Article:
Sophie Grégoire Trudeau, the wife of Prime Minister Justin Trudeau, has tested positive for the new coronavirus and the couple are isolating themselves for at least 14 days.
The Prime Minister’s Office said late Thursday that Ms. Grégoire Trudeau was feeling well and will remain in isolation for the time being. Mr. Trudeau will self-isolate for 14 days and his office said he would continue to fully assume his duties. He is exhibiting no symptoms, his office said.
Based on doctor’s advice, Mr. Trudeau can continue daily activities and he spent the day in briefings, a statement from deputy director of communications Chantal Gagnon said. He is not being tested for the virus at this time.
An official in the Prime Minister’s Office said the couple’s children are also in isolation.
Ms. Grégoire Trudeau began exhibiting mild flu-like symptoms, including a low fever, on Wednesday, Mr. Trudeau’s office said.
The announcement from the PMO was met with well wishes across party lines.
Conservative Leader Andrew Scheer posted a statement on Twitter wishing Ms. Grégoire Trudeau a speedy recovery.
NDP Leader Jagmeet Singh said he sends well wishes to Ms. Grégoire Trudeau and hopes for a quick recovery. He also said he wished good health for the Prime Minister and his family.
“I’d like to say a big thank you to all of you who have reached out to me asking how I’m doing,” Ms. Grégoire Trudeau said in a statement. “Although I’m experiencing uncomfortable symptoms of the virus, I will be back on my feet soon.”
The rapidly evolving pandemic gripped Parliament Hill on Thursday, forcing Mr. Trudeau to cancel in-person meetings in Ottawa with the premiers and Indigenous leaders in favour of virtual meetings, and MPs and senators discussed suspending the houses of Parliament.
Other parliamentarians, including International Trade Minister Mary Ng and Natural Resources Minister Seamus O’Regan, are also in self-isolation out of precaution. Some Conservative leadership candidates have cancelled their public events.
The Prime Minister will have meetings over the phone with premiers and Indigenous leaders on Friday.
Mr. Trudeau’s discussions Thursday included speaking with U.S. President Donald Trump, British Prime Minister Boris Johnson and Italian Prime Minister Giuseppe Conte. All of those discussions centred on COVID-19, his office said, and Mr. Trudeau also called into the special cabinet committee meeting on the disease.
A brief summary of Mr. Trudeau’s call with Mr. Trump said the two leaders “welcomed the close co-ordination between Canada and the United States in managing this challenge, including as it relates to the Canada-U.S. border.”
The Prime Minister’s Office said in Mr. Trudeau’s call with the Italian leader, he “expressed solidarity with Prime Minister Conte and all Italians as they take extraordinary measures to contain and respond to COVID-19’s health, social, and economic impacts.”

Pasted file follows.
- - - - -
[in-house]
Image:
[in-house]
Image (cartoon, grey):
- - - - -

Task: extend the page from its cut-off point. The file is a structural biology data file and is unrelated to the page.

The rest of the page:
“They agreed on the importance of international co-ordination in response to the virus,” the statement said.
The Globe and Mail
Nothing will necessarily change in government if the Prime Minister does get sick, Lori Turnbull, director of the school of public administration at Dalhousie University, said Thursday.
However, if Mr. Trudeau became incapacitated, Prof. Turnbull said, it wouldn’t lead to a power vacuum because there are mechanisms in place to ensure the continuity of government. She called it a “rare, if ever” used process where cabinet would appoint an acting prime minister.
Given Chrystia Freeland’s role as Deputy Prime Minister, she said, Ms. Freeland would be the likely candidate.
NDP Leader Jagmeet Singh said Thursday he is self-isolating because he feels unwell. On a doctor’s advice, he is limiting his contact with the public until he feels better, but the doctor does not believe his symptoms are consistent with COVID-19, he said.
As of Thursday evening, MPs and senators were discussing a possible suspension of the legislative sitting.
Health Minister Patty Hajdu recommended avoiding large gatherings. Conservative leadership candidates have been organizing events across the country as they race to raise money and attract new supporters. The candidates have taken varying approaches to their campaigns.
Conservative leadership candidate Peter MacKay suspended all public campaign events Thursday and Erin O’Toole said he would cancel all of his as of Friday. Other candidates are forging ahead. MP Marilyn Gladu’s campaign has not cancelled any events, but said it would reassess that decision on a daily basis.
Governor-General Julie Payette’s office said “out of an abundance of caution” it is limiting public events and activities and is looking at rescheduling ceremonies.
Sign up for the Coronavirus Update newsletter to read the day’s essential coronavirus news, features and explainers written by Globe reporters.
Editor’s note: Editor's note: Chrystia Freeland is the Deputy Prime Minister. An earlier version of the story had an incorrect title.